Getting out into the fresh air at the moment is very important to us all but if your nearest walk is not very exciting then you could learn while you walk.

You could listen to endless Podcasts. Good Housekeeping has 30 Best Podcasts for 2020 to listen to now.

You could learn a language. Lingualift has a list of the top 10 best language learning apps.

You could learn all about the birds and bees flying around at the moment. Dr. Hilary said this morning how you can here lots more bird song in the capital now the roads are so quiet. Hobby Help has listed the top 5 best Bird Watching Apps for 2020.

You could learn all about the flowers, trees and the leaves you pass on the road. The Telegraph has a list of the 10 best apps to identify unknown plants and flowers and Techigem has the 10 Best Plant Identification Apps for 2020.

If you just simply want to walk for health and some fresh air and don’t own a Fitbit then why not download an app and keep your phone in your pocket so it can register how many steps you have taken. I get a real buzz from knowing how many steps I’ve done as I know it’s so important for your health. Good Housekeeping have a list of the 10 best Step Counter Apps.

Nature is all around us, even if you live on busy streets or in cities. If you stuck in an apartment you could still take up bird watching, just zoom in your camera and take a picture of the bird then find out what it is from one of the apps. Being outside is very important and no matter how small your garden if you cannot get out into the streets then you could enjoy any off this list just walking around your garden.

We all want to get through this terrible ordeal we are now in ‘fit not fat.‘ There is also a brilliant book called Every Day Nature by Andy Beer (National Trust Book) which encourages you to find beauty in the everyday and forge a powerful connection with the nature than can be found on your doorstep.

GLASGOW TRAVEL RETAILER DONATES 5,000 (£125K) COMPRESSION SOCKS TO HELP FRONTLINE SCOTS NURSES…

A positive news story to share in the midst of everything that is going on.

Press pics taken by Peter Devlin available from dave@zudepr.co.uk

In order to help in any way that they can and to boost morale, a Glasgow online travel retailer whose sales have dropped 95 per cent in the past two weeks has donated 5,000 pairs of compression socks to help Scots nurses combat Covid-19.

Worth £125,000, the colourful knee-length socks will help 5,000 acute nurses in six hospitals across Scotland fight fatigue in the coming weeks.

And the firm has pledged to give away 5,000 more in the next seven days to nurses in London, bringing the total to 10,000 (£250,000).


Trtl (pronounced ‘turtle’) has donated the compression socks to acute nurses at Glasgow Royal Infirmary, Royal Alexandra Hospital (Paisley) and Queen Elizabeth University Hospital in Govan. Each hospital has received 1,000.


In addition, nurses at The Royal Edinburgh Hospital will take 1,000 while Trtl has given 500 to nurses at Dundee’s Ninewells Hospital and 500 to Aberdeen Royal Infirmary.

The award-winning company, which employs 30 people in Glasgow, had stockpiled thousands of the socks in advance of its peak summer season. But with sales stalling due to the Covid-19 pandemic and little prospect of travel bans being rescinded any time soon, CEO Michael Corrigan decided to use them to support frontline nurses in his home city, across Scotland and in worst-hit London instead.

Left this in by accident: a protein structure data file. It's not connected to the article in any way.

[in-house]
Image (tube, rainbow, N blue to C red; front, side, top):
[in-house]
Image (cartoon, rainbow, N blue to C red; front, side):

He explained: “Although the compression socks have been most popular with airline travellers, at the start of this year we ran a small campaign with nurses around the world and they were really happy with them. “Over the past few days, I’ve been thinking about how we can contribute in what is the biggest crisis many of us will face in our lifetimes. “When something like this happens it very rapidly puts things into perspective. “Nurses across the UK will be tested as never before in the coming weeks and if we can do something to help make the time they spend on their feet more comfortable, we must.”

“I couldn’t just see these socks sitting in a warehouse when they could be helping people saving lives. That’s what’s important, and nurses need all the help they can get just now.” John Stuart is the chief nurse at Glasgow Royal Infirmary. He said: “We are under no illusions about what we are going to face in the weeks to come. “Our nurses work incredibly hard and can spend hours and hours on the move during every shift. “With these compression socks we can help our staff alleviate some of the discomfort and aches associated with being on your feet for long periods of time and help them better face the challenges that are coming our way with Covid-19. “Any gesture like this can help boost morale and hopefully the colourful designs will help brighten the days of our nursing staff.”

A 2015 study found that the average NHS worker walks 3.6 miles a day with some recording up to 11 miles. Nurses regularly work 12-hour shifts and wearing compression socks reduces leg soreness, swollen ankles and varicose veins.


Established in 2013, Trtl is majority-owned-and-run by founder Michael Corrigan (32), who was born on Glasgow’s south side. He added: “This may be the biggest challenge we will ever face as a generation and how we react as individuals and collectively could define us in the years to come.” Best known for its Trtl Travel Pillow, which has sold 1.6M worldwide, Trtl sells a range of travel items from compression socks to packing pods. Most of its products are bought online through trtltravel.com and retailers such as Amazon.